April 10th, 2019 | Published in Amputee Stories Old
Tracy Peters has a firm grip on her future thanks to a variety of upper limb prostheses she alternates according to the situation. Whether she’s suspended from a ropes course in a rain forest or evaluating the speech of youngsters, this 33-year-old Houston professional is appropriately equipped.
A patient of Ted Muilenburg, CP, for the past few years, Tracy endured a difficult progression before achieving her present level of dexterity.
She became a right below elbow amputee as a result of a bizarre accident that nearly took her life. On December 22, 1999, Tracy rode in an airport shuttle on her way to catch a flight to Kansas City, Mo., to join family for the Christmas holidays. A construction crane was hoisting a load of rebar that, after becoming unbalanced, dropped onto the passing bus. Crushed under the weight, Tracy sustained massive internal injuries, including extensive nerve damage between her right elbow and wrist.
The arm amputation was one of several operations necessary to stabilize her condition. Placed on a ventilator, she spent months in the hospital. In March of 2000, she made her first visit to Muilenburg Prosthetics, Inc., and by May, Tracy stood up in a wedding, wearing a temporary prosthesis. That October, she returned for more occupational therapy training after receiving her next arm. However, medication she was taking for her injuries prompted substantial weight gain.
“We had to split her socket so that we could keep enlarging it as her weight fluctuated,” explained Ted Muilenburg.
By then, Tracy’s doctors indicated that she’d be a good candidate for a myoelectric prosthesis, particularly since there was concern that the harness of her body-powered arm would irritate her scar tissue. In March of 2001, she needed a surgical revision of the amputation and didn’t wear her arm for weeks due to fears regarding skin breakdown.
In June of 2001, Tracy was working with Dr. William Donovan and Shawn Swanson, OT, at The Institute for Rehabilitation and Research (TIRR) in Houston; she was advised to return to Muilenburg for a myoelectric prosthesis. By then, she was becoming more skilled in using her body-powered and myoelectric arms. Tracy’s options now include a conventional body-powered below elbow prosthesis with both a hand and a hook terminal device, a myoelectric prosthesis with an Otto Bock hand, and a passive, cosmetic arm. The hands of the myoelectric and passive arms feature LIVINGSKIN® silicone gloves for a very natural appearance.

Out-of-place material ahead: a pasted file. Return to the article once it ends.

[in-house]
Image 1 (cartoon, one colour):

Although Tracy still has some range of motion limitations, she has returned to an active professional and personal life. Employed as a speech pathologist with the Houston school system prior to her accident, Tracy now continues in that role as a consultant with the district.
“I’m primarily testing children who are, on average, three-years-old. In these assessments, I only see the child once — many of them are really young and have severe disabilities,” she explained.
“Some aren’t even aware that I have a prosthetic arm. If they do notice it, I consider that a cognitive marker — that they’ve seen it and make a comment, which is good.”
In addition to her job, Tracy works with a personal trainer to continue to gain strength and agility, and she also travels on missions with members of her church. In all these areas, she is supported by her prosthetic team.
“Muilenburg has really good people who take an interest in helping you through rehabilitation and keeping you happy,” Tracy noted.
Tracy is indebted to her family for ongoing support during her injury and its aftermath. A sister and her family live in Texarcana and her widowed father lives in San Antonio. Strong involvement in Memorial Drive Presbyterian Church has also been important to Tracy’s recovery.
“I’ve gone on several mission trips with my church to Africa and Costa Rica,” she noted. “In Costa Rica, we did a canopy tour of the rain forest, and I was wearing my prosthesis. I speak Spanish, so I could hear how the people who were handling the ropes course were really nervous about my being 100 feet above the floor of the jungle,” she laughed.
“They had me rigged up with a chest harness as well as a waist harness. I did just fine!”
Although Tracy is grateful she’s come so far since the accident, she confesses to occasional twinges about body image.
“Once when I was evaluating a child who was upset about having learning disabilities, I said ‘Joseph, we all have some kind of disability. It’s just that they don’t all show,’” she said softly.
“Now, if I believe that, and I do — then I have to live my life that way. And I intend to!”